$\displaystyle \hspace*{2.2cm}\sum_l \sqrt{\frac{2l+1}{4\pi}} (C^{\rm EE}_l+C^{\rm BB}_l)\;{}_2Y_{l,-2}(\beta,0)~{\rm e}^{2{\rm i}(\alpha+\gamma)},$  


$\displaystyle {\langle (Q(\vec{\hat{n'}})\mp {\rm i} U(\vec{\hat{n'}})) (Q(\vec{\hat{n''}})\pm {\rm i} U(\vec{\hat{n''}}))\rangle=}$
    $\displaystyle \hspace*{2.15cm}\sum_l \sqrt{\frac{2l+1}{4\pi}} (C^{\rm EE}_l+C^{\rm BB}_l)\;{}_2Y_{l,-2}(\beta,0)~{\rm e}^{\pm 2{\rm i}(\alpha-\gamma)},$  

and $\beta$ is the separation angle between $\hat n'$ and $\hat n''$, $\alpha$ and $\gamma$ are the rotation angles respectively, which align $\hat e_{\theta}$ at $\hat n'$ and $\hat n''$ with the great circle passing through $\hat n'$ and $\hat n''$ (refer to Fig. 1 of Ng & Liu 1999, for a geometrical diagram). Taking into account Eqs. (19)-(21), we may easily show that the expected leakage power at $\vec{\hat{n}}$ is given by
                                $\displaystyle \langle \tilde B^2_{\rm E}(\vec{\hat{n}})\rangle$ = $\displaystyle \frac{1}{4}\int {\rm d} \Omega' {\rm d} \Omega''\:W(\vec{\hat{n'}})W(\vec{\hat{n''}})$ (22)
    $\displaystyle \times(F_+(\vec{\hat{n'}},\vec{\hat{n}})F_-(\vec{\hat{n''}},\vec{...
...t{n'}})) (Q_{\rm E}(\vec{\hat{n''}})+{\rm i} U_{\rm E}(\vec{\hat{n''}}))\rangle$  
    $\displaystyle +F_-(\vec{\hat{n'}},\vec{\hat{n}})F_+(\vec{\hat{n''}},\vec{\hat{n...
...t{n'}})) (Q_{\rm E}(\vec{\hat{n''}})-{\rm i} U_{\rm E}(\vec{\hat{n''}}))\rangle$  
    $\displaystyle -F_+(\vec{\hat{n'}},\vec{\hat{n}})F_+(\vec{\hat{n''}},\vec{\hat{n...
...n'}})) (Q_{\rm E}(\vec{\hat{n''}})-{\rm i} U_{\rm E}(\vec{\hat{n''}}))\rangle ~$  
    $\displaystyle -F_-(\vec{\hat{n'}},\vec{\hat{n}})F_-(\vec{\hat{n''}},\vec{\hat{n...
...n'}})) (Q_{\rm E}(\vec{\hat{n''}})+{\rm i} U_{\rm E}(\vec{\hat{n''}}))\rangle),$  

where
$\displaystyle {\langle (Q_{\rm E}(\vec{\hat{n'}})+ {\rm i} U_{\rm E}(\vec{\hat{n'}})) (Q_{\rm E}(\vec{\hat{n''}})+ {\rm i} U_{\rm E}(\vec{\hat{n''}}))\rangle=}$
    $\displaystyle \hspace*{2.2cm}\sum_l \sqrt{\frac{2l+1}{4\pi}} C^{\rm EE}_l\;{}_2Y_{l,-2}(\beta,0)~{\rm e}^{2{\rm i}(\alpha+\gamma)},$  


$\displaystyle {\langle (Q_{\rm E}(\vec{\hat{n'}})\mp {\rm i} U_{\rm E}(\vec{\ha...
...})) (Q_{\rm E}(\vec{\hat{n''}})\pm {\rm i} U_{\rm E}(\vec{\hat{n''}}))\rangle=}$
    $\displaystyle \hspace*{2.2cm}\sum_l \sqrt{\frac{2l+1}{4\pi}} C^{\rm EE}_l\;{}_2Y_{l,-2}(\beta,0)~{\rm e}^{\pm 2{\rm i}(\alpha-\gamma)}.$  

Therefore, we may diagnose ambiguous pixels (i.e. heavy E/B mixing) by comparing $\langle \tilde B^2_{\rm E}(\vec{\hat{n}})\rangle$ with $\langle \tilde B^2_{\rm B}(\vec{\hat{n}})\rangle$, where $\langle \tilde B^2_{\rm B}(\vec{\hat{n}})\rangle$ is the local power contributed by B mode and given by replacing ``E'' with ``B'' in Eqs. (22)-(24). However, estimating Eqs. (22)-(24) is prohibitively complicated. Therefore, we are going to resort to Monte-Carlo simulations in order to estimate $\langle \tilde B^2_{\rm E}(\vec{\hat{n}})\rangle/\langle \tilde B^2_{\rm B}(\vec{\hat{n}})\rangle$. Depending $\langle \tilde B^2_{\rm E}(\vec{\hat{n}})\rangle/\langle \tilde B^2_{\rm B}(\vec{\hat{n}})\rangle$, we may classify the pixel at $\vec{\hat{n}}$ as ``pure'' and ``ambiguous''. To be specific, we may retain pixels satisfying:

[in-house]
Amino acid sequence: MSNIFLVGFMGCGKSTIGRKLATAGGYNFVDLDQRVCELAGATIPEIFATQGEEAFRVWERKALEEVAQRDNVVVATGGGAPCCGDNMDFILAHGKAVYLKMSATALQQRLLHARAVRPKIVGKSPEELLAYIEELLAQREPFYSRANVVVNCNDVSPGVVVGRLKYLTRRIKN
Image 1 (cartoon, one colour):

$\displaystyle \frac{\langle \tilde B^2_{\rm E}(\vec{\hat{n}})\rangle}{\langle \tilde B^2_{\rm B}(\vec{\hat{n}})\rangle}<\frac{r_{\rm c}}{r},$   (25)

where r is the assumed tensor-to-scalar ratio of Monte-Carlo simulation, from which $\langle \tilde B^2_{\rm E}(\vec{\hat{n}})\rangle/\langle \tilde B^2_{\rm B}(\vec{\hat{n}})\rangle$ is estimated. Therefore, the level of leakage in retained pixels is comparable to the primordial B mode power spectrum of tensor-to-scalar ratio $r_{\rm c}$. In Fig. 4, we show the sky fraction for various $r_{\rm c}$, given a foreground mask shown in Fig. 7. Since sky fraction decreases with lower $r_{\rm c}$, we may not simply set $r_{\rm c}$ to a lowest value.
\begin{figure}
\par\includegraphics[width=7.5cm,clip]{14739fig4.eps}
\end{figure} Figure 4:

Effective sky fraction $f_{{\rm sky}}$ for various cut level $r_{\rm c}$.

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Therefore, we need to derive an optimal $r_{\rm c}$, which minimizes the estimation error. The estimation error of B mode power spectrum is given by:
                       $\displaystyle \Delta C^{\rm BB}_l$ = $\displaystyle \frac{2}{(2l+1)f_{{\rm sky}}}\left(C^{\rm BB}_l+ \tilde C^{\rm EE}_l +N_l\right),$  
  $\textstyle \approx$ $\displaystyle \frac{2}{(2l+1)f_{{\rm sky}}}\left(C^{\rm BB}_l+ \frac{r_{\rm c}}{r}~C^{\rm BB}_l +N_l\right),$ (26)

where Nl is noise power spectrum. Note that the leakage does not bias the B mode power spectrum estimation, but increases the variance, when the power spectrum estimation is made by a pseudo-Cl method and leakage is taken care of (Grain et al. 2009; Hivon et al. 2002a). By requiring $\partial~\Delta C^{\rm BB}_l/\partial r_{\rm c}=0$, we get
$\displaystyle \frac{\partial \ln f_{{\rm sky}}}{\partial r_{\rm c}}=\frac{1}{r+ r_{\rm c} +N_l/C^{\rm BB}_l(r=1)}\cdot$   (27)

In Fig. 5, we plot the left and right hand side of Eq. (27) for the noise level of Planck HFI instrument, and the multipole l=86, which is the peak multipole of primordial B mode power spectrum. From Fig. 5, we find curves intersect at $r_{\rm c}\approx 4\times 10^{-2}$ with weak dependence on r. It should be noted that the weak dependence is due to the low signal-to-noise ratio of the considered experiment (i.e. $N_l/C^{\rm BB}_l(r=1)\gg0$), and the dependence on r is not weak in general. We are going to use $r_{\rm c}\approx 4\times 10^{-2}$ for the simulation in the next section.